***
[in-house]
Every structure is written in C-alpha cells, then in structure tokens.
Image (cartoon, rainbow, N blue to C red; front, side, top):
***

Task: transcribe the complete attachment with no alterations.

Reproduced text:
[in-house]
Every structure is written in C-alpha cells, then in structure tokens.
Image (cartoon, rainbow, N blue to C red; front, side, top):